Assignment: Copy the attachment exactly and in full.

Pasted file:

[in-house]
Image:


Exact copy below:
[in-house]
Image: